From disadvantaged mothers to entreprenuers

“As a mother it is not easy to accept that you have actually given birth to a disabled child. It is traumatic, especially if the child is your first born,” said Margaret Mugwisi, a committee member for Batsiranai in Dzivaresekwa, a women’s group that assists mothers with disabled children cope with socio-economic and emotional challenges.

“After giving birth you might not even be aware that your child is disabled. Doctors see it first and when you are informed you are traumatised. Men usually blame women for giving birth to disabled children and one can be divorced for that. In a patriarchal society such as ours, the men’s relatives may also torment you, accusing you of bringing a chikwambo (goblin) into their family. The community also looks at you with an accusatory eye,” Mugwisi said.

Such problems are precisely what Batsiranai helps its members overcome through counselling, social and economic empowerment.

The group, operating under the banner of Zimbabwe Parents of Handicapped Children, was formed in 1998 at Dzivaresekwa Community Hall.

“Initially we came together to give each other moral support and encouragement as mothers with disabled children,” Mugwisi explained.

“We were then assisted by a white lady Pippa Curling who facilitated our training in making small animal figures for sale.”

Curling, of whom the group speaks highly, left them in the hands of Lynn Pool, who had great influence in shaping the organisation’s destiny.

“Lynn was very encouraging and she helped us find our own place where we could work with little disturbance. Lynn assisted us to buy this house in 2004. We came here with nothing, nothing at all. We did not have a single machine to use,” recalled Mugwisi.

The women were not deterred; with training, careful organisation, common sense, commitment and business acumen, they have transformed themselves from insignificant housewives with disabled children to astute and confident businesspeople with an eye for a greater future.

“We now have a bank account, machines, computers, our own place with a crèche and teachers whom we pay from our own coffers. We are now on the Internet and this enables us to capture the international market for our products. We market through friends, exhibitions at fairs and lately through Oxfam Australia. We work closely with shipping agents to ease export problems,” Mugwisi proudly elaborated.

Maideyi Siyakurima, the organisation’s secretary, said: “We rely on orders for our products for survival. When people place orders, we then make the required items. Each member is paid according to the number of pieces she produces. When the member is paid, the product now belongs to the organisation and the proceeds from the subsequent sales are pooled to make the organisation survive.”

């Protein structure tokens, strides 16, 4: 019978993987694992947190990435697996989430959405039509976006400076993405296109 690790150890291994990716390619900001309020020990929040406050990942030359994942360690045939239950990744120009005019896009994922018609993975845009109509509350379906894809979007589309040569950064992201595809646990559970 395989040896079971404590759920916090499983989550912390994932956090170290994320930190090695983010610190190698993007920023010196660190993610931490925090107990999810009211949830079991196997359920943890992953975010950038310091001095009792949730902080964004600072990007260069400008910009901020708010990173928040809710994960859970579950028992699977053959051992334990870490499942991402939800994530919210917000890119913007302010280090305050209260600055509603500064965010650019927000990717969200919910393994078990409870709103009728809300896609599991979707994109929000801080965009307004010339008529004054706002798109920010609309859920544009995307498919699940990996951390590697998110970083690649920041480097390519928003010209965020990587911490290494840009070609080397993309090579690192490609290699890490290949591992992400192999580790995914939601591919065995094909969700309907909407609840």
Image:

But how do they pay members (the group has 26 members)?

Rosemary Muchero, another committee member, explained how they do it.

“We have a template for the labour costs of producing each item. If there is a new item, we calculate the costs and add them onto the template so that each member is aware of how much she is paid for producing a specific item. So a member is paid on the basis of the labour cost of producing an item multiplied by the number of items produced.”

It is this ability to scientifically organise themselves that has kept the organisation intact and growing. They have a neat division of labour structure.

“We have a crèche with two trained teachers and two assistants who prepare food. These are on fixed salary. Then we have those who work on the products. Then we have those who are responsible for marketing, sales and accounting,” Muchero explained.

A seven-member committee runs the organisation. All committee members are elected. Margaret is the longest-serving committee member.

She is also a founder member of the organisation. However she believes people need to give every member an opportunity to be on the committee.

“Rotation is good as it enables us to grow. New members come in with new ideas.”

Apart from astutely organising themselves, the women have a strict regulatory mechanism.

“We have strict rules and regulations here and a member may be suspended or fired depending on the gravity of the offence. Theft, fighting and child negligence or abuse are some of the grave offences for which a member is fired,” Muchero said.

The group, like most organisations in Zimbabwe, faces financial challenges that hamper their dream of growing.

“Our vision is to have a real factory and this means we need a bigger place with advanced machinery. We need cars to use that will be driven by our own members. Our biggest challenge stems from the fact that we rely on orders for survival and these might not easily come by. We are not donor funded. Last year was very tough. We did not have orders until towards the end of the year and we had to use our reserves. Most of our orders come from outside the country as they are considered a luxury in Zimbabwe,” Muchero said.

NewsDay crew had the privilege of sampling and buying (at factory price) some of their products in their neat and well-stocked storeroom.

They had a wide range of products that included embroidered cards, children’s purses, lined shoulder bags, baby quilts, car pillows, baby ruffled pillows, yoga bags, oven gloves, angel ornaments, fleece animals and baby tees with embroidery.

Only women with children born with disabilities qualify to be members of Batsiranai.

The organisation can be contacted at or
0772 758 243 or 0772 746 580.

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